Think of the USBC Equipment Specifications and Certifications team as the Walter Ray Williams Jr., Tiger Woods or Lebron James of bowling research and testing because, when it comes to understanding the nuances of bowling ball motion and other factors that influence how and why pins fall, this group has no equal.
So, what happens when those talented individuals are given access to state-of-the-art equipment and the most technically-advanced facility the sport has to offer? We will get the answer to that question when the International Training and Research Center (ITRC) opens for business, which is scheduled to happen in January 2010, just in time for the Jan. 25 grand opening of the International Bowling Campus in Arlington, Texas.
The ITRC's research area will house six lanes that feature various contemporary wood and synthetic lane surfaces. The Equipment Specifications and Certifications team will have the ability to dress those lanes using several different conditioning machines and products. This will give the team the ability to conduct real-world oil pattern research, like that currently being done for the USBC Red, White and Blue patterns, and continue working cooperatively with representatives from USBC Sport Bowling, the World Tenpin Bowling Association and other outside entities on pattern testing and development projects.
So, how does the team plan to get those balls rolling down the lanes? Scientific study requires duplication of speed, launch angle, rev rate and more, so the team will call upon its most-technically-advanced employee, its new, yet-to-be named bowling ball throwing robot.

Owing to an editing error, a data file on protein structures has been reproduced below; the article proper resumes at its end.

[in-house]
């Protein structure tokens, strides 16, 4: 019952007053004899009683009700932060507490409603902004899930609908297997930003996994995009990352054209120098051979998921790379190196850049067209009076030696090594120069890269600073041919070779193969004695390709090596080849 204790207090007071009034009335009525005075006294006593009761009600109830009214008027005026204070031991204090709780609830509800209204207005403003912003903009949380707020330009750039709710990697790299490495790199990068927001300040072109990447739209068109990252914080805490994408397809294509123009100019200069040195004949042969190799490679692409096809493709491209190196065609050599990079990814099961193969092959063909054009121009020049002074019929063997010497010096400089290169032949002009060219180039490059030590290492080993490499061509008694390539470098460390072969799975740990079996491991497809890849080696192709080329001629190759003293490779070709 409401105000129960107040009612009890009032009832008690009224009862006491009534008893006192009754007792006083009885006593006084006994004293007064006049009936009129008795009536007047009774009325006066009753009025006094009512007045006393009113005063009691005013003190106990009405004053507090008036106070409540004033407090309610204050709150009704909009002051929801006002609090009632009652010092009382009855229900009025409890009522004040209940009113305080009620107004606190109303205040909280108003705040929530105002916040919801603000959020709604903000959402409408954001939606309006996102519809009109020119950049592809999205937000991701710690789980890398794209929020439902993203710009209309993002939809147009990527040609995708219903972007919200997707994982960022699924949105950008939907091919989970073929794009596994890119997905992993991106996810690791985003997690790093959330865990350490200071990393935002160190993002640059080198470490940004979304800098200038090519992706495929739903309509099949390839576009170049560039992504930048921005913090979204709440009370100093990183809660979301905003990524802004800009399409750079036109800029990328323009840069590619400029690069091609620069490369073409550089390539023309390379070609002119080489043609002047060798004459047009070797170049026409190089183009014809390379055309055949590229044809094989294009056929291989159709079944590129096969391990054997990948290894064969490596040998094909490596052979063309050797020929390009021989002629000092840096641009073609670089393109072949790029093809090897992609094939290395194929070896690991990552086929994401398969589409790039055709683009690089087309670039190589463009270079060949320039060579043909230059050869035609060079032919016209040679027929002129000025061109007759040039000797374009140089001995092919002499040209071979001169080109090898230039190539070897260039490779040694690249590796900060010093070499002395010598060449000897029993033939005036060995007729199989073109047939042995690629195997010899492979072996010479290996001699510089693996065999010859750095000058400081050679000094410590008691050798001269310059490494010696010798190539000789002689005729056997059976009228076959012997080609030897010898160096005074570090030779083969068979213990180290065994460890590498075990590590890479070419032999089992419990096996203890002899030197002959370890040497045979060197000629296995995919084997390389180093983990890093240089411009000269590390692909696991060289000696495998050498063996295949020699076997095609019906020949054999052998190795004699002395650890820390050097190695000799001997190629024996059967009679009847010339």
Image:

The new robot, which was brought online to replace "Harry", USBC's former ball-bot, is expected to arrive on campus in early spring. When it does, it will be put to work right away.
"The new robot is definitely one of the biggest benefits of the new facility," USBC Technical Director Steve Kloempken said. "This machine will be much more advanced and precise than Harry was, so we will be able to conduct more accurate tests with a wider range of variables than ever before."
Those tests will be aided by the presence of Super C.A.T.S (Computer-Aided Tracking System), which was used in the Ball Motion Study and is critical to helping visually identify transition into and out of the three phases of bowling ball motion: skid, hook and roll.
With all of these wonderful tech tools at their disposal, the Equipment Specifications and Certifications team plans to continue its groundbreaking research of pin carry, which focuses on pocket entry and exit angles and the impact pit-end products - kick plates, flat gutters and more - have on scoring. It also will continue pin and ball testing and certification as well as development of various coaching-related products and training aids.
Additional research and testing initiatives are continually designed and investigated as the need arises. The goal of those initiatives, and that of the Equipment Specifications and Certifications team as a whole, is to examine the bowling environment to make sure all USBC members are provided with a fair playing field, which leads to a more positive experience for bowlers and greater credibility for the sport.
"The ITRC will be the most technically-advanced research and testing facility the sport of bowling has ever seen," Kloempken said. "It will allow the Equipment Specifications and Certifications team to go further and dig deeper than it ever has before. That will lead to a high caliber of research, new specifications and a greater understanding of our sport. That prospect is very exciting to me and my team, and it should be exciting to USBC members as well."
For more information on the International Training and Research Center, visit bowlingitrc.com.